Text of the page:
Why did we blow on Nintendo game cartridges?

Anyone who owned a cartridge-operated game knows all there is to know about “blowing the dust” from the inside, right? If the game didn’t work i.e. it looked all messed up when turned on then of course the problem was that it was dusty and had to be blown so a lot of of us, if not all of us, took a deep breath and exhaled. The only problem here is that if the dust had really accumulated inside the cartridge, we would have had bigger problems because it is likely that the cartridge would not have worked, or it would have corrupted the console at one point. In fact, it’s fair to say that blowing inside the console would be more likely to cause problems than dust. As the video explains, this post-hoc fallacy occurs when we simply believe that because something happened after our intervention, we tend to believe that we did something good and made a difference. The problem is that we didn’t do anything but play an epic game of following the leader since the problem was usually quite easy to fix by inserting the cartridge again and turning on the console. It could have taken several times, but unless something was really crazy, it would have worked. But given how the brain works, it’s not too hard to understand that we’re somehow bound by patterns and want to think that what we’re doing sometimes makes a difference, especially when it’s something that corrects or justifies something.

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There are bound to be people who claim they are not bound by patterns, but the truth is, whether a person likes it or not, our natural flaw is to seek some kind of order to get a solid foundation. under us and let him know we have some understanding of what’s going on. People want to know that their lives and efforts matter, and while that might sound a bit grand with the subject matter at hand, blowing into a game cartridge is a way of showing a form of dominance since it’s about a human being who takes care of a problem. they perceive prevents them from enjoying a form of pleasure. But instead of running by trial and error, many of us just blew the canister because we had seen someone else do it or heard that was what worked. Unless a person’s mouth is completely dry and hopefully free of any food particles, it’s likely that many people have unintentionally coughed up food and moisture inside the cartridge. , which would explain why some of them stopped working after a while. At least with the games we have now, that’s not exactly a problem. If someone tried to blow a disc to make it work, it would be time to shake your head and wonder who dropped the ball on that one.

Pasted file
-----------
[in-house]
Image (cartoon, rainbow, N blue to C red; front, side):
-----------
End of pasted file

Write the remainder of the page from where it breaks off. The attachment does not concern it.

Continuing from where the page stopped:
Games have come a long way over the years, as have consoles, and it’s fair to say that “dusting” practices have gone the way of the dinosaur since most people don’t even use them anymore. Those who still do it may be in the habit after all this time, but it’s pretty easy to understand because old habits are hard to break after all. This is a pretty good example of monkey-seeing, monkey-doing, as some might say, given that this is the tried and true method of fixing a game, aside from sending it to a tech of course . Knocking on a Nintendo console never quite had the same effect as knocking on a TV, as someone was more likely to break the console than to convince it to work. Even a TV could only take so much abuse, but the much more fragile NES could barely take a solid hit on the plastic casing before things started to break and eventually fray beyond all belief. Violence and technology don’t always mix after all. But as things evolved, dusting off a cartridge became less of a habit because with the evolution of Nintendo the idea that blowing into the cartridge was the best idea slowly began to fade. .

It’s hard to say what actually happened, but people may have started to realize that it wasn’t really working, or maybe they just stopped doing it. No matter what actually happened, it’s actually nice to know that it doesn’t happen at all these days. Dusting off a disc or game card, like the ones that come in the Nintendo Switch, would be pretty funny to really see, and would likely result in a slight loss of faith in humanity for anyone who were to witness it.

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